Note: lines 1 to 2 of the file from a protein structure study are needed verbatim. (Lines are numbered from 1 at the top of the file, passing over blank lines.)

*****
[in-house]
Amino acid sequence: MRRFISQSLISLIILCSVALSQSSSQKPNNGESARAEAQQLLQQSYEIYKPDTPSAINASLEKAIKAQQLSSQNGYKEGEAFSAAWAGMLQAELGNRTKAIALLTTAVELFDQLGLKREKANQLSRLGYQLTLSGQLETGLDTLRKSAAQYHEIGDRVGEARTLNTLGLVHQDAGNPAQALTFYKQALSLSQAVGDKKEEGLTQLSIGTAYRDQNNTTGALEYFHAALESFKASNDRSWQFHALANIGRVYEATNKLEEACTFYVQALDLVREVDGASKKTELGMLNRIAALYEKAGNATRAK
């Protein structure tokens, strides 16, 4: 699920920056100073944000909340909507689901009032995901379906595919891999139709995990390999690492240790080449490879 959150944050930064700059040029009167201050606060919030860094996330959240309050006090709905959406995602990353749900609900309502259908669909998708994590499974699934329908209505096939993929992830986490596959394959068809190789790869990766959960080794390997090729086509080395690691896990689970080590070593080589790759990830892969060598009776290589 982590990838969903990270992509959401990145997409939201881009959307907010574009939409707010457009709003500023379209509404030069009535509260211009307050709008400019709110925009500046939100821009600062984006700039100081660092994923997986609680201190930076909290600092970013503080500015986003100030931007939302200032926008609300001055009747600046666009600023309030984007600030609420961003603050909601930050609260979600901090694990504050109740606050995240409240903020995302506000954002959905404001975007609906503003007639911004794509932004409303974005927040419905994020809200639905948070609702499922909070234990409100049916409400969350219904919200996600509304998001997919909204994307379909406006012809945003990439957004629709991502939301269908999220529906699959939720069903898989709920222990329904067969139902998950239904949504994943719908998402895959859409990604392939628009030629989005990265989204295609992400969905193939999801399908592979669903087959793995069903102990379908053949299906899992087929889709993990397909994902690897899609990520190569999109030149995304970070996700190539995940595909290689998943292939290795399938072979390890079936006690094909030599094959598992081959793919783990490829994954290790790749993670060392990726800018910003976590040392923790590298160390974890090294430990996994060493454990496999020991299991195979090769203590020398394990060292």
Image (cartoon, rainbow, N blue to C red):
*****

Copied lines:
[in-house]
Amino acid sequence: MRRFISQSLISLIILCSVALSQSSSQKPNNGESARAEAQQLLQQSYEIYKPDTPSAINASLEKAIKAQQLSSQNGYKEGEAFSAAWAGMLQAELGNRTKAIALLTTAVELFDQLGLKREKANQLSRLGYQLTLSGQLETGLDTLRKSAAQYHEIGDRVGEARTLNTLGLVHQDAGNPAQALTFYKQALSLSQAVGDKKEEGLTQLSIGTAYRDQNNTTGALEYFHAALESFKASNDRSWQFHALANIGRVYEATNKLEEACTFYVQALDLVREVDGASKKTELGMLNRIAALYEKAGNATRAK